A new generation of Jewish spiritual leaders take their turn at Pittsburgh’s bimahs
“Inclusion,” he said, “remains a core value.”
Generational change is taking place within many of Pittsburgh’s congregations. Several rabbis who shepherded the community for the last three decades recently retired and took with them some of the priorities of the 20th century.
A new generation of rabbis and cantors is now leading these congregations. Their pulpits reflect the contemporary challenges and opportunities in the Pittsburgh Jewish community.
Assimilation and contraction
While assimilation and interfaith marriage were often the clarion call that 20th-century Jewish spiritual leaders addressed, the 21st century is cueing other concerns, like shrinking affiliation and how to fully embrace the diversity reflected in the pews.
“Demographics have shifted pretty quickly,” Temple Sinai Rabbi Daniel Fellman noted. “Where the last generation got to ride a wave of growth, this generation is confronting contraction.”
Fellman joined the Squirrel Hill Reform congregation in 2021, succeeding Rabbi Jamie Gibson, who led Temple Sinai for more than 30 years. Fellman sees a need to identify core values and prioritize which ones should be preserved as the Jewish community looks to the future.
“That becomes the driving force,” he said. “There’s a lot of opportunity for creative thinking and looking at new ways of doing things. We must recognize that the path that got us here isn’t the one we can take forward.”
Rabbi Aaron Meyer was hired in 2019 to replace Rabbi Mark Mahler at Temple Emanuel of South Hills, who retired after nearly four decades with the congregation. Meyer became the senior rabbi less than a year before COVID-19 forced the temporary closure of all Jewish institutions in the city.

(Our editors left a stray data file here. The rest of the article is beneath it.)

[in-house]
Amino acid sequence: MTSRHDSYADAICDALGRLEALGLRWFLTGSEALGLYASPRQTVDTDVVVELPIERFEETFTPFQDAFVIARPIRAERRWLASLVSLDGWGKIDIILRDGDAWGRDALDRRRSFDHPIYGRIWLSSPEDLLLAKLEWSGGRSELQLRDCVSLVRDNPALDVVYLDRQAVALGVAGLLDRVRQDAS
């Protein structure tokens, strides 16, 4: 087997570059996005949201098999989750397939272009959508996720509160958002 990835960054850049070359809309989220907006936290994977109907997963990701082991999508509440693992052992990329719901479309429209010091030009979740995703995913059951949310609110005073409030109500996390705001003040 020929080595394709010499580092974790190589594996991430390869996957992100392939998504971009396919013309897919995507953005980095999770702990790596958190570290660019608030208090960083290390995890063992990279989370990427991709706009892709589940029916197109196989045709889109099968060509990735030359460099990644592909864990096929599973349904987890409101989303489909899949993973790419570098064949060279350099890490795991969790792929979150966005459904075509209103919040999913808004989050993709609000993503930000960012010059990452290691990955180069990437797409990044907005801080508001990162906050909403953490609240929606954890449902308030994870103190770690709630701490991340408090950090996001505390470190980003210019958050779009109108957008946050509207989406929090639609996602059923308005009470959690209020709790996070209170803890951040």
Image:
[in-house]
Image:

He said assimilation should no longer be a concern.
“I think that there is no question that assimilation is part of the Jewish experience, and we would do well to quit arguing about whether it has happened, but to begin embracing the ways it is not only good for Jews who practice Judaism but, I would argue, good for Judaism itself,” Meyer said. “I think the next generation of Jewish spiritual leaders would be well advised to strike a better balance between serving Jewish tradition and serving the Jews who practice it.”
Rabbi Mark Goodman was hired last year as the associate rabbi at Congregation Beth Shalom and has worked for the Conservative congregation in Squirrel Hill since 2021, when he assumed the role of interim director of Derekh and Youth Tefillah.
“Conservative synagogues are either getting smaller or closing,” Goodman said, adding that the challenges go beyond shrinking membership.
“We are producing a much smaller number of rabbis,” he said. “People don’t want to become Conservative rabbis from the two, three, four major seminaries worldwide.”
And while the national trend is one of contraction, Goodman said his focus is on individual relationships.
“I can only work as a rabbi one person at a time, one interaction at a time, one Shabbat at a time, one sermon at a time,” he said.
With those individual relationships come concern for the entirety of the Jewish people, he said, not simply for those who are part of the Conservative movement.
“I identify as a Conservative Jew. I’m really proud of it. I really love what my movement does,” he said before adding, “but I know it’s not for everyone. and I’m totally OK with that.”
Shaare Torah Rabbi Yitzi Genack has served the Orthodox congregation in Squirrel Hill for about nine months. Rather than worry about issues like the contraction of membership at various Jewish institutions, he instead focuses on engagement at all levels, he said.
“We’re trying to develop programs that increase people’s engagement in classes, shiurim and davening that are open to everyone,” he said. “They’re purposely set up to elevate the religious experience. No matter where you are, you can have the opportunity to grow in your Judaism, your Torah study and in your tefillah.”